Dean Moss' "johnbrown" is not entertaining.


Actually, I should say Dean Moss' "johnbrown" is not just entertaining. Minus the opening ballet solo, which drags on for far too long, "johnbrown" is quite entertaining. But more than just a night at the theater, Moss, with his powerful work inspired by white abolitionist, John Brown, forces the audience to think, to reflect ... to question.


In "johnbrown" there are very few literals, as the audience is forced to interpret much of the performance, which in itself is genius as, like much great art, interpretations vary. Thankfully, during a recent performance at the Walker Art Center, inside the William and Nadine McGuire Theater, I had a companion with me. I say thankfully, because had I gone alone I would have been forced to wrestle with my interpretations by myself.


I'll admit, I was more than a bit skeptical as to how a "dancer" would deliver a work based on such an enigmatic character and deal with the now unfortunately taboo subject of American slavery. But through "johnbrown" it's evident Moss isn't a dancer, but an intellectual of great depth who displays his intellect through the medium of dance. Moss holds a mirror (literally) to society and asks, "Do you really like what you see?"


To say Moss' scene with performers using double-sided mirror/projector screen boards displaying images from prerecorded nudes of Moss and performer Kacie Chang synced with live movement along with on-the-spot video shot by members of the cast (who in this case were Twin Cities-based), was visually stunning would be quite the understatement. Yes, I needed all those words to describe the brilliantly choreographed scene that was as powerful as it was entertaining. "johnbrown" is worth seeing for that scene alone.


However, the most poignant scene is one of intense interaction between Moss and performer, Asher Woodworth. Moss, who is African-American and Woodworth, who is white, have a highly emotional, nonverbal exchange that can be described as genius in its conception and powerful in its execution. During the scene, Woodworth, a much larger man than Moss, climbs the back of Moss in a symbol of white Americans achieving success on the backs of African slaves. To witness Moss' strength in holding Woodworth, for me, showed the strength of African-Americans enduring all the pressures heaped upon us. Later in the scene, Woodward rhythmically beats on the chest of Moss, only to have Moss turn and be again confronted by Woodworth and the beatings commence again. As I said, much of "johnbrown" is open for interpretation, but to me the scene was a clear representation of the "turn the other cheek" philosophy adopted by many during the 1950s and 1960s Civil Rights Movement. Somehow by scene's end, we see the humanity of both and are given hope for reconciliation.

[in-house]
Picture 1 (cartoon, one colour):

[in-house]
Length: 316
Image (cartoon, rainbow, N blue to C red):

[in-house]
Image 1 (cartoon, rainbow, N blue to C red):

During most performances, following a scene, there is a round of audience applause. Sometimes it's out of appreciation, sometimes it's out of courtesy. Not one time during "johnbrown" did the audience cheer. It wasn't because the audience didn't appreciate what it just saw, it was because the audience was still taking in what it just saw. "johnbrown" is as mentally exhausting to the audience as it is physically exhausting on the performers. "johnbrown" is a thinking person's performance.


Oftentimes, when works come to town I'm offered or asked to interview a writer, director or cast member prior to a show's performance. I'm glad that didn't happen in this instance. I wouldn't have done the performance justice. I wouldn't have had the proper context. Some things must be experienced firsthand before one can speak upon them. This is one of those things.

The uncomfortable silence of 'johnbrown'

HARRY COLBERT, JR.